Venice flooding nearly touches level of infamous 1966 flood (copy)

An overturned catwalk used as a walkway during high water floats in an over flooded St. Mark's Square late Tuesday, Nov. 12, 2019. The high-water mark hit 187 centimeters (74 inches) late Tuesday, meaning more than 85% of the city was flooded. The highest level ever recorded was 198 centimeters (78 inches) during infamous flooding in 1966. (Andrea Merola/ANSA via AP)

Earth’s atmosphere pays no heed to state lines or national boundaries. Since weather systems and carbon pollution from cars and power plants travel around the globe, we all suffer the consequences whenever greenhouse gas emissions are released — no matter where we live.

Likewise, we reap the benefits when emissions are reduced anywhere on this warming planet, our common home.

Californians are now suffering from a consequence of climate change. Their fire season has increased by an estimated 75 days over the past 50 years due to warmer temperatures, reduced snowpack, and earlier spring snowmelt.

When the rest of us fail to rein in global warming emissions, we worsen suffering in states from Wisconsin to California. We can’t wait until every state is feeling the pain of the climate emergency before we take action, or more people in more places will suffer.

The whole world has benefited because California has long protected our shared atmosphere with the strictest car emissions standards in the country. Collectively, cars and trucks account for nearly one-fifth of all U.S. global warming emissions, so when more than 30 million registered vehicles in California cause less pollution, less harm is done.

Yet the Trump administration has vowed to roll back those high standards by eliminating California’s authority under the Clean Air Act.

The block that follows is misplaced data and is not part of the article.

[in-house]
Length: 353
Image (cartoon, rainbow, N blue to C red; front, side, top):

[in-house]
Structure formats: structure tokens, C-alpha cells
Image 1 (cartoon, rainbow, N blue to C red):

“We’re waging war against the most destructive fires in our state’s history, and Trump is conducting a full-on assault against the antidote,” Gov. Gavin Newsom of California said in an interview.

Even worse, 13 other states that have adopted California’s stricter standards would also be forced to abandon them if the rollback succeeds. These states are helping the whole world.

California has been a role model, leading national and international efforts to halt global warming and linking its policies with other countries. Meanwhile President Trump has mocked and blocked worldwide efforts to address the global climate emergency ever since he took office. His actions harm the whole world.

Just as California treats wildfire as an emergency, 16-year-old climate activist Greta Thunberg wants adults to treat runaway climate change as an emergency.

“I want you to act as you would in a crisis. I want you to act as if our house is on fire. Because it is," Thunberg said during her Davos speech.

A Nov. 5 statement by more than 11,000 scientists from many nations agreed with Thunberg, warning unequivocally that Earth is facing a climate emergency, and that it is their moral obligation to warn humanity.

On the same day, Trump formalized the withdrawal of the United States from the historic 2015 Paris Climate Agreement — the first and only nation to do so.

Unfortunately, by acting alone, no nation or state can avoid even its own climate-fueled disasters. Yet solutions are at hand if we act together.

For example, many economists recommend putting a price on carbon pollution that would be collected at the polluting source, wherever that may be. This is one way to discourage emissions that cause harm to all, no matter where the source, and to encourage clean energy production everywhere.

The Earth is heating up, and we can still put out the fire — but only if we begin to act like this is a dire emergency.

Carrie Scherpelz is a marketing communications professional and longtime Madison resident. She volunteers with the Madison chapter of CitizensClimateLobby.org. Another version of this column was previously published on The Invading Sea.

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